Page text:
Thrill Seeker? You Might Have The Dare-Devil Gene

3 min read
thrill seeker

Ever wondered why some people enjoy throwing themselves out of planes, or hurtling round a race track with seemingly reckless abandon, while others prefer to chill out and read a book? Whichever side of the fence you’re on, and even if you’re somewhere in between, you surely already recognise that some people are seemingly more up for taking personal risks, while others take enjoyment from somewhat quieter, safer pursuits.

Well now, scientists think they could have the answer. They think the answer lies in genetics, as well as personality, and that this combination could be the driving force behind some people seeking ever more dangerous thrills.

The so-called ‘dare-devil’ gene is yet to be widely accepted by mainstream science, and to date there’s only a single small study that indicates its presence. Yet to the casual observer, it seems clear that some people are more inclined to seek thrills than others.

A Dare Devil Gene?

bungee jumping

So why do some people enjoy abseiling from skyscrapers, while others are more comfortable at home or in a library? If genetics is part of the answer, it can only be a small part. More likely, having the dare-devil gene in their makeup makes individuals more prone to risky behaviour. But beyond that, there may be a combination of environmental, social and behavioural factors at play, when someone considers whether or not to take that leap in chase of that next buzz. Canadian astronaut Chris Hadfield is a good case in point. The ex-Commander of the International Space Station has a fear of heights, a fact seemingly entirely at odds with his bold career choice. He admits that even to this day, standing over the edge of a cliff fills him with dread and fear responses which would surely be considered atypical for anyone who doesn’t benefit from a dare devil gene.

Yet perhaps for Chris Hadfield, his comfort comes from better understanding the risks, and in his preparation for handling them. Training to go into space is a gruelling process, both physically and mentally, with significant time dedicated to teaching the perfect response to danger, disaster and malfunction in every conceivable dimension.

Beyond a dare devil gene, or some inherent predisposition to risky behaviour, Hadfield is perhaps a shining example to those who feel limited by their genetics – perhaps it’s not taking the risk that defines thrill seekers, but their ability to understand and evaluation risk, danger and the steps they can take to reduce these effects.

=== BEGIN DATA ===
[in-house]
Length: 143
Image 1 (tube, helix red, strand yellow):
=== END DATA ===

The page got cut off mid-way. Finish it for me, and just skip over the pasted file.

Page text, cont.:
Red or Black – The Ultimate In Thrill Seeking

roulette thrill seeker

Perhaps one of the most galling examples of non-sporting thrill seeking in recent years was the case of Ashley Revell. Those of you who were paying attention to Sky One in April 2004 will no doubt remember one of the most audacious and incredibly stupid decisions ever made on TV, as Revell liquidated his life, packed his bags and flew off to Vegas with his entire life-savings.

Destined for the roulette table, Revell was to put his entire life savings on a single spin, red or black playing live roulette. Either he wins the money, or loses everything. By the team he, and the documentary crew, reached the Las Vegas gaming floor, he had over £76,000 on the line. In those fleeting moments, as the ball spun and the chips were down, the tension in Revell’s face told the whole story.

Clearly a thrill seeker to some extent, Revell was incredibly fortunate to walk away in the money – the ball came to rest on red 7, winning him £76k and doubling his entire wealth. For those who are not of the thrill-seeking disposition, the prospect of losing it all on that single spin doesn’t even bear thinking about.

Revell has somewhat disappeared from view following on-screen victory, presumably with a cracking story to tell everyone he meets for the rest of his life. Whether his move was bold or stupid is a matter of personal opinion. But clearly for some, the allure of big thrills and serious risk are simply too much to ignore.